Behçet’s disease was described by Hulusi Behçet as a multisystem inflammatory disease [22]. Currently, it is classified in the category of vasculitis affecting vessels of variable diameter [2]

Although oral ulceration, genital ulceration, and eye disease are the classic triad of manifestations, the cardiovascular, gastrointestinal, musculoskeletal, and central nervous systems can also be affected [3].

In BD, multiple cutaneous lesions such as erythema nodosum, folliculitis, and pustules are seen, but PG is very rare [15].

The patient was diagnosed as Behcet’s disease according to the criteria of the “International Study Group for Behçet’s disease” [3]. She presented one major criteria (recurrent oral aphthosis) and three minor criteria (very suggestive ocular involvement, a presence of cutaneous pathergy and pseudo folliculitis lesions). The diagnosis of genital PG was based on the presence of two major criteria (appearance of the ulceration, exclusion of other causes of infectious or vascular skin ulcerations) and four minor criteria [23, 24] (positive pathergy reaction, rapid therapeutic response to systemic corticosteroid therapy, presence of a predominantly neutrophilic inflammatory infiltrate on histology, and association with BD) (Table 2).

Table 2 PG diagnostic criteria [23, 24]

It is sometimes difficult to distinguish between clinical manifestations of BD and PG in the same patient. Both BD and PG belong to the category of the neutrophilic dermatoses in which primary pustular lesions occur and neither of them has a characteristic histological appearance [15].

Indeed, at the onset stage and during the pustulo-ulcerative form of PG, the resemblance to skin lesions of BD is possible, and the pathergy test can be positive in both conditions [1].

The term pathergie refers to the occurrence of skin lesions following minimal trauma, and is used to assess excessive irritability of the skin in inflammatory diseases [23].

Its positivity in these two pathologies reflects the presence of an exaggerated inflammatory reaction. Histologically, this aberrant reaction leads to a release of cytokines responsible for a perivascular infiltrate and the accumulation of neutrophils at the site of the reaction [25].

Likewise, ulcerative lesions of the mouth and genital area can be seen in both diseases [19]. On the other hand, the frequency of mucosal ulcers and their clinical appearance are completely different [19].

Orogenital ulcers are commonly seen in BD, whereas rarely seen in PG. In BD, genital ulcers are similar in appearance to oral ulcers and can sometimes cause scar formation, and tend to be small and round, with well-circumscribed margins, an erythematous halo and a yellow-grey floor. In PG, ulcers of the genital mucosa appear similar to those of skin, which are comprised of a burrowing ulcers with irregular margins and a ragged purple overhanging edges. Rapid local destruction may occur in PG [19]. Thus, the clinical features of mucosal ulcers are different to some degree between the two diseases. However, there is a histopathological distinction between PG and BD. The two pathologies are characterized by a neutrophilic vascular reaction [15].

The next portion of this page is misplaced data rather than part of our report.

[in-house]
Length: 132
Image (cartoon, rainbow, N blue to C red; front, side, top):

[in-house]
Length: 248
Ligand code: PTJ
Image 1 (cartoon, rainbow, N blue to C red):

In PG, vascular involvement ranges from none to fibroid necrosis, and in most cases a neutrophilic infiltrate is present with limited vascular damage [19]. Conversely, in BD, mononuclear cell vasculitis with variable fibrin deposition or leukocytoclastic vasculitis is usually found [19].

BD has been associated with other neutrophilic dermatoses such as Sweet's syndrome and neutrophilic eccrine hidradenitis [1]. This suggests the presence of a clinical and histological overlap between BD and neutrophilic dermatoses. These overlaps could constitute the clinical expression of two autoinflammatory diseases in whose genetic component remains to be determined [1]. However, the true etiopathogenic link between these two conditions is not yet fully understood.

The activity of PG is chronic, and closely related to the activity of associated diseases [15].

Treatment of PG is usually based on systemic corticosteroid therapy alone or in combination with thalidomide or Dapsone [1]. In cases of corticosteroid-resistant PGs, the use of other immunosuppressants, such as tacrolimus, cyclosporin and mycophenolate mofetil, and azathioprine, may be effective. Currently, anti-TNFa are a promising treatment for refractory PG [1]. These therapeutic agents are used to treat both PG and BD [4].

The prognosis of PG depends on the associated disease and the severity of the clinical form of PG [1].

In this patient, the evolution of PG and oral aphthosis were favorable from the start of corticosteroid treatment. The use of immunosuppressive therapy combined with TNF inhibitors was justified by the presence of severe ocular involvement of the posterior segment.


The observation that we report is illustrated by both a rare localization of a PG (genital sphere), and its exceptional association with Behçet’s disease. The coexistence of these two conditions could be a source of diagnostic difficulties. The treatment and prognosis of PG are conditioned by the severity of the visceral involvement of BD.

Availability of data and materials

Not applicable (all the data of the reported case are available from the corresponding author).



Pyoderma gangrenosum


Behçets disease


Reactive protein


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S.T contributed to the writing of the article, its correction and the management of the patient. N.T, N.T and A.C contributed to the care of the patient in the department. All authors read and approved the final manuscript.

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Correspondence to Said Taharboucht.

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Chicha, H., Taharboucht, S., Tiboune, N. et al. Genital pyoderma gangrenosum revealing Behçet’s disease: a case report. Egypt J Intern Med 33, 52 (2021).

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  • Pyoderma gangrenosum
  • Behcet’s disease
  • Pathergy test
  • Neutrophilic dermatoses